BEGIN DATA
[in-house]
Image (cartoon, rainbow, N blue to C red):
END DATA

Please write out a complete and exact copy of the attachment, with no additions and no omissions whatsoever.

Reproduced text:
[in-house]
Image (cartoon, rainbow, N blue to C red):